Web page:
We were delighted when Mark Gatiss recently agreed to take time out of his incredibly busy schedule to look back on his very first episode of Doctor Who. Mark’s episode, The Unquiet Dead, was the third episode of Series One of the relaunched series. It caused a number of complaints about Doctor Who being too scary for children. Hurrah!
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Mark during the early stages of the writing process on The Unquiet Dead.

WhoSFX: What was the original brief from RTD? 

Mark: Russell emailed an outline for the series. I’m sure it’s been reproduced now but what I remember best were the (sort of) remake of Spearhead from Space kicking things off, the farting aliens, Captain Jaxx (as he was then called) and that episode three was labelled ‘The name’s Dickens. Charles Dickens!’ Dickens in Cardiff, seances and gas creatures living in the walls. I crossed my fingers that that was the one he wanted me to do!

WhoSFX: Being a Victorian ghost story, surely RTD had you in mind for this one from the start? 

Mark: Russell and I met at the BAFTAs in 2000 when The League of Gentlemen won. I suppose he knew where my tastes lay but, of course, when the series was announced as returning, who knew which writers would be asked? I’d just had a series (The Ministry of Time) turned down and I remember the email from Jane Tranter, saying no,  ended with ‘Perhaps Mark could write for the new Doctor Who? That would be exciting!’ So I was very hopeful.

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From Mark’s video diary ‘Walking the Dead’ from the DVD boxset of Series One.

WhoSFX: If you’d been given a blank sheet of paper would we still have had a Victorian ghost story? 

Mark: The blank sheet of paper is what writers fear most. It’s almost always nicer to have a least something to go on. A bit of grit to make the (hopeful) pearl!  But I suppose I’d have gone for something in the same area, yes. I’ve always loved historical settings, Victoriana and ghost stories are my favourite things of all so I suppose it might have been similar in tone. But RTD effectively invented the ‘celebrity historical’ for Doctor Who (hardly touched before except for Marco Polo and…um…Timelash!) I was wary of the Dickens element at first but A Christmas Carol is one of my favourite stories and I fell in love with the idea of making it a Dickens story about Dickens.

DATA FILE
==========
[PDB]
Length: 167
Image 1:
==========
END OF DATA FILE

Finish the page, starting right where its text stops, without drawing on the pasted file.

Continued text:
WhoSFX: Was this like the story you’d had in your mind for 30 years? 

Mark: I knew I wanted it to be scary. That was very important. And I remember at the first meeting I had about it with RTD, Julie and Phil I waxed lyrical about the (to me) magical idea of time travel. That’s where the footprint in the snow came from and the ‘hundred thousand sunsets’ line. I’ve always found the notion of time travel so spine-tinglingly wonderful. But was it the story I’d had in mind for 30 years? Probably not. Elements of it, certainly. But the Dickens framework that Russell gave me let me play with all the sorts of things I love best!


Simon Callow with the TARDIS in Swansea.

WhoSFX: As it was your first episode, and the first series, was this the hardest of your Doctor Who scripts to write?

Mark: I suppose so in the sense that an awful lot had to be unlearnt. It seems so natural now (as I write my ninth episode – ten if you count the un-produced one!) but the forty five minute format took some getting used to. Growing up with four and six parters and cliffhanger endings was how Doctor Who worked so that was a challenge. Also just the sheer speed of a new episode. I remember in an early draft I had the Doctor and Rose coming out of the TARDIS and then going back in again for several scenes. Russell said ‘why do they do that?” And the answer was, because that’s what used to happen! There was a lot more time to fill in the old days. I do recall thinking that what might be sacrificed for speed was suspense but it rapidly became clear that this new pace of storytelling would breathe fantastic new life into the format. And that the pre-titles would essentially be the old ‘part one’ in condensed form. There’s your cliffhanger – before the titles!

WhoSFX: Was it hard not being fully ‘in control’?

Mark: Yes it was but I believed very strongly that the reason the show might work was that Russell was doing it his way. The BBC trusted his vision and the results are obvious to this day. Doing The League of Gentlemen and now running Sherlock with Steven Moffat makes you realise the importance of a ‘vision’ for a show. There were disagreements about the tone or the odd line but it was all very friendly and I was hugely happy with the end result.  Now the show is a proven phenomenon again, it’s easy to forget what a risk it all was. But everyone was so determined to help Russell reinvent the show. It was a very heady and very exciting time.


Mark with Martin Freeman, Benedict Cumberbatch and Steven Moffat.

WhoSFX:How did you balance the lighter elements with the incredibly dark themes?